What Happens to Pets When a Couple Divorces?
01 April 2016IN: Family Law
Know your rights and how to protect your pets if you and your partner split
Tennessee has the eighth highest percentage of dog ownership in the U.S., with over 44% of households having at least one canine as a pet. This says nothing of the many other households that count cats, horses, birds, and other animals among their family members. In many cases, pets are an important part of the family, so when a divorce occurs, it can be incredibly difficult to determine who will care for the pet moving forward. And you wouldn’t be alone. A survey conducted by the American Academy of Matrimonial Lawyers suggests that courts are more frequently considering pet custody cases, with some even counting pets as assets during a divorce.
Pets can easily become a hot-button issue during a divorce, and some spouses may even use them as a means of punishment or to extract other demands. Therefore, it’s important we work together to calmly craft your own strategy before negotiations begin. In the eyes of the court, a pet is personal property even though they may feel like a member of your family. Therefore, if you owned the pet before the marriage, it is often the case that you will retain the pet after the divorce. However, if you brought the pet into your home during the marriage and cannot come to an agreement on who will take the pet moving forward, the court will intervene to decide. They will likely consider evidence as to who has expended the most effort caring for the pet. If you have been the one consistently taking the pet for walks, to the veterinarian, and cleaning up after them, your case for keeping the pet in your custody may be stronger. The court may also consider where your children will be living, if applicable, and whose life is better suited to pet ownership. If one spouse works long hours, while the other works from home, the court may determine it is in the pet’s best interest to stay with the spouse that has more time to care for it.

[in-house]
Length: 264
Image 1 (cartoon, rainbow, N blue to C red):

More frequently, however, courts are instead crafting joint pet custody arrangements. For example, in Pulaski, Tennessee, a couple was sharply divided over the ongoing care of their dog. Demonstrating the strong attachment many have to their pets, the wife wanted the dog to continue to attend bible study with her while the husband enjoyed taking the dog on motorcycle rides. The judge ordered a joint custody arrangement, even including a stipulation that the dog not be forced to wear a helmet on the motorcycle. This amusing story demonstrates some courts’ willingness to consider alternatives for pet ownership when couples are unable to decide themselves. This makes it very important that you consider your pet when developing your comprehensive divorce plan.